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Old April 4th, 2015, 04:01 AM   #1797
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Originally Posted by Saxonia View Post
It's more a North-South thing too I heard from many Russians.
There really aren't any true dialects in Russian. Except for Southern speech that is enriched with Ukrainian words (I also think Pomor might be a dialect but I'm not sure).
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Old April 4th, 2015, 09:57 AM   #1798
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Quote:
Originally Posted by Saxonia View Post
How do you know that?
According to linguists Lechitic languages (including extinct Polabian) are distinguished by the following features:
- Preservation of nasal vowels.
- Development of proto-Slavic ě, e, ęinto a, o, ǫ before hard consonants (or other similar differentiations of these vowels depending on dialect). This gives rise to alternations such as modern Polish lato ("summer", nominative) vs. lecie (locative), pięć("five") vs. piąty ("fifth").
- Vocalization of the syllabic consonants r, r', l', l. Compare modern Polish gardło ("throat") with Czech hrdlo.
- Transposition of or, ol, er, el into roetc. in many words between consonants. Compare Polish mleko"milk".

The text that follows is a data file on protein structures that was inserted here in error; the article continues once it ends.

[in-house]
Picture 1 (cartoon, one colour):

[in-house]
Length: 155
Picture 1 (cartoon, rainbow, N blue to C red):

- Retention of Proto-Slavic *dz as an affricate, rather than a plain fricative z.
- Lack of the g → ɣ transition. Compare Polish góra, Czech hora ("mountain").

Marcin Kromer (1565): wrote that German counties located along the Baltic coast, including Lueneburgian counties and those in the Margraviate of Brandenburg, were still largely inhabited by Slovaks [i.e. Slavs], who spoke "the same language as Poles, but mixed with German language".

Quote:
You have not a single written word in polish from 10th century.
The number of Polish words (410 personal and geographical names) appeared in "Ex commisso nobis a Deo" issued in 1136 (link), however single Lechitic words, place names, personal names, etc. of course are known also from the earlier texts.

And when it comes to earliest written sources about country called "Poland":